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5 Puppy Behaviours to Nip in the Bud Early

5 Puppy Behaviours to Nip in the Bud Early

  • by Rufus and Coco

You should consider training your pup as early as possible if you want your dog to behave later on in their life. But when it comes to what rules your puppy needs to abide by and what habits they are supposed to pick up, every household is different.

In some, jumping on and off of the furniture might be a no-go while in others, it’s perfectly acceptable. However, some behaviours are generally seen as negative, so it is important that you do not allow your pet to repeat them and wrongly think that they are perfectly fine with you.


Behaviour Issues You Need to Correct in Your Puppy


This is by far one of the most common behaviour issues that pet guardians have to deal with when it comes to puppies. The only way to circumvent the problem is to teach your dog to respond to the commands ‘leave it’ or ‘no!’.

If your puppy is teething, they will be in some amount of discomfort, that’s why they’ll try to chew on things and people. Using our Rufus Junior Chew Toy can help with this behaviour, especially if you fill it up with treats.

If you really have to protect your belongings from your puppy’s teeth, you can rely on our Chew Stopper - this bitter spray will deter your dog’s enthusiasm for shoes or any other household objects they might be interested in.


Every dog barks, and they do it for many different reasons. Some puppies might want to attract their owners’ attention, especially if they’re not feeling too playful at the end of a hard-working day.

At the park, they might bark because they’re communicating with other dogs. But there is a limit to all of this barking, and when it starts to cause problems, especially with your neighbours, you have to intervene firmly yet gently.

Let your dog know that they have to be quiet when they seem to be barking for no apparent reason. Try to organise several training sessions every day and reward good behaviour with some healthy treats like our Reel Fish Crunchers.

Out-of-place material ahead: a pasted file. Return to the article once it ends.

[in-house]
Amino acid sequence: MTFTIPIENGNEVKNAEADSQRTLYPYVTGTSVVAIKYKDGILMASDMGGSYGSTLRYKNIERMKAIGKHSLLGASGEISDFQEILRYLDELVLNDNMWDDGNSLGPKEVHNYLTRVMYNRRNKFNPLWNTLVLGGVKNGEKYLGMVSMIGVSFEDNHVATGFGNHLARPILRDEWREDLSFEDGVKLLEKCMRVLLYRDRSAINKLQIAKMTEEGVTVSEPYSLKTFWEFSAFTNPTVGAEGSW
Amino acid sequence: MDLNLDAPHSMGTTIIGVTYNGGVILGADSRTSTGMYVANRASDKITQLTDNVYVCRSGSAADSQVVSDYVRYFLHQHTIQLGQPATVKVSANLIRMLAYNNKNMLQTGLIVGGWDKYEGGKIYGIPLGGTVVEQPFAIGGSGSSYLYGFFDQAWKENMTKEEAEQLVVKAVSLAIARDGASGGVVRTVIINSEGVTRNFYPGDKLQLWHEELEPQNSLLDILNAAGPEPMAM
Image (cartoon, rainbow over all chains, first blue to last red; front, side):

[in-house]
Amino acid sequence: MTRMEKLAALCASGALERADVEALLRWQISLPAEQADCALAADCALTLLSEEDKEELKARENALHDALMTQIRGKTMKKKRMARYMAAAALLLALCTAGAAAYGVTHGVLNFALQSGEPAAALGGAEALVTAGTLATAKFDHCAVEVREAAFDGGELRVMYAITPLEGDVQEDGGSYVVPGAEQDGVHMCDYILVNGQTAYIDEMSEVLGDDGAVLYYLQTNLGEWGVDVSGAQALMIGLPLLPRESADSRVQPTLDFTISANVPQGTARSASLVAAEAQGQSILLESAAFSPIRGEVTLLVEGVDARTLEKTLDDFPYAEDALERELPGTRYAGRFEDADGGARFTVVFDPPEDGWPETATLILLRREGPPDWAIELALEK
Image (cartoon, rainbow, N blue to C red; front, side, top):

Do not shout or physically punish your dog. Using positive reinforcement and rewards is much more effective and humane, and your puppy is also not going to lose trust in you.

Aggression toward other pets or pet owners

Whether your puppy is looking to establish dominance or just testing your limits or those of people and animals around them, it doesn’t matter - aggression is not acceptable behaviour. Make sure you adequately restrain your dog and keep them from attacking other animals or individuals - using a Shock Ease Lead whenever you venture outdoors might help with this.

If your puppy grows up into an adult dog who thinks that biting everyone in sight is acceptable, you could end up having some serious legal problems.

Try to understand what is at the root of this behaviour before working on correcting it. If your puppy is easily triggered by other animals, they might not have socialised enough with other dogs before you got them. Enrolling your dog in puppy socialisation classes could be a solution to the problem.

Inappropriate elimination

This is something that every pet owner has to handle as best as possible. Teaching your puppy to go potty in the right place and at the right time can be a challenge and can take months and months as a process.

Your puppy might mark a specific spot in your home where they feel most at ease relieving themselves, which might make things difficult for you. Some products, such as the Pee Here attractant, might be of assistance and may convince your dog to go potty in the right place.

Make sure you give them a reward after they’ve used their Eco Pee Mat appropriately. And once your doggy starts exploring outdoors, don’t forget to take your Do Good Compostable Poo Bags with you.

Poor leash manners

While your dog is still a puppy, it is paramount for you to teach them not to pull on the leash. Using the right tools for the purpose is also important and you need a good-quality lead, a harness, and a collar with your dog’s ID tag attached to it.

In the beginning, you might need a classic lead, but once your puppy learns how to walk with you, you can switch to a Retractable Lead.

Learning to walk on a leash is important not just for potentially dangerous situations, but also because they could develop leash anxiety when they are older if they’re not used to being walked while wearing one.


Final thoughts

Like anything else, when it comes to teaching a dog any type of behaviour, training them takes time and a lot of commitment. Don’t give up on your dog no matter how difficult and long the journey might seem.

Stay consistent with your training sessions, as it is the best and only way to teach your puppy how to behave in accordance with your expectations.



Improving dog training methods: Efficacy and efficiency of reward and mixed training methods, Ana Catarina Vieira de Castro et al, 2021:

Puppy socialisation classes, K. Seksel et al, 1997:

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